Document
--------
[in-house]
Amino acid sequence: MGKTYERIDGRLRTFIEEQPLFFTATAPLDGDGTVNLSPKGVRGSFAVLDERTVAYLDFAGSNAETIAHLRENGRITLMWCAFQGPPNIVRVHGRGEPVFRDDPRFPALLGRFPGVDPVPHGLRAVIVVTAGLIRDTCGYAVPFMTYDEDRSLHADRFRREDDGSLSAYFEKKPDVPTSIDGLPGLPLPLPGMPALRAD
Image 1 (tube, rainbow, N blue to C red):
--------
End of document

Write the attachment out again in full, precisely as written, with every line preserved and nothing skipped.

[in-house]
Amino acid sequence: MGKTYERIDGRLRTFIEEQPLFFTATAPLDGDGTVNLSPKGVRGSFAVLDERTVAYLDFAGSNAETIAHLRENGRITLMWCAFQGPPNIVRVHGRGEPVFRDDPRFPALLGRFPGVDPVPHGLRAVIVVTAGLIRDTCGYAVPFMTYDEDRSLHADRFRREDDGSLSAYFEKKPDVPTSIDGLPGLPLPLPGMPALRAD
Image 1 (tube, rainbow, N blue to C red):